Huckleberries, Montana’s Little Icons, Retain Their Mysteries
by Anita Maxwell
Broadcast 8.11 & 8.14.2020
Braving horseflies the size of quarters and the searing afternoon sun, I ramble on a steep hillside like a bear, gorging for her long winter’s nap. What could inspire such action? Huckleberries, of course. A recent trip to Glacier Park proved I wasn’t alone in my obsession.
Signs lured me with the promises of huckleberry syrups, jams, jellies, pie, ice cream and even huckleberry lotion – although it mystifies me why you’d want to waste such a delicacy on something inedible. The sweet rewards of a huckleberry can only be truly appreciated by those who’ve diligently cleaned out a patch.
Huckleberries grow in mountainside thickets, typically preferring moist areas with well-drained acidic soil. They become especially abundant in areas that have recently burned. The deciduous shrubs are small to medium-sized, rarely growing taller than four feet high. Their simple alternate leaves are only an inch or two long and about half as wide.
Rose-colored flowers hold the promise of the purplish blueberry that appears in late July and early August. Berries are about the size of a large garden pea with a characteristic flat bottom. Montana’s huckleberry is actually in the genus Vaccinium, which includes blueberries. Different species of huckleberries can be found throughout the northern latitudes of North America.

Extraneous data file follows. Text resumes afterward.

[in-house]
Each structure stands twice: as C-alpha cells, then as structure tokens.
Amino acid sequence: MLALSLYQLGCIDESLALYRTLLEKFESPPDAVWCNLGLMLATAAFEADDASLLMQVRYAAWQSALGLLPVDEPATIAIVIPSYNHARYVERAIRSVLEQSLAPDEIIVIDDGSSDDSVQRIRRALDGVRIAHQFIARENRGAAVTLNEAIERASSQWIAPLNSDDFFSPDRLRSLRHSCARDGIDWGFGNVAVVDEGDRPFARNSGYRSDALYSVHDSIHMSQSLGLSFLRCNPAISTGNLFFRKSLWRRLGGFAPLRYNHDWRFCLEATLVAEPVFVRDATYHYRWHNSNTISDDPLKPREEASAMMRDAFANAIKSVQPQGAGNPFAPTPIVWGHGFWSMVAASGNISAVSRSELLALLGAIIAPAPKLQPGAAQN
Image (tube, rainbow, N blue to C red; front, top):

While a bush might have up to 50 shoots, not every shoot will produce a berry. This means you’ll be collecting berries from several different bushes, blending slightly different flavors.
Indigenous Montanans preserved the berries by spreading them on rocks for days, allowing the sun to dry them for use on a cold winter evening when the days of huckleberry picking were just a warm memory. Besides the obvious benefits of such a treat, the huckleberry plant also has medicinal value. A tea made from the roots and stems was used to abate arthritis, rheumatism and heart trouble.
The huckleberry industry is now estimated to be worth several million in Montana. Domestic cultivation has floundered, however, for several reasons. First of all, no one is sure who is responsible for pollinating, although the bumblebee might be the culprit. The biggest challenge, however, would be duplicating that wonderful taste of wildness.
As you hike through the woods in late July and August, keep a watchful eye out for this tasty treat, but be sure to save some huckleberries for the bears.
Every week since 1991, Field Notes has inquired about Montana’s natural history. Field Notes are written by naturalists, students, and listeners about the puzzle-tree bark, eagle talons, woolly aphids, and giant puffballs of Western, Central and Southwestern Montana and aired weekly on Montana Public Radio.
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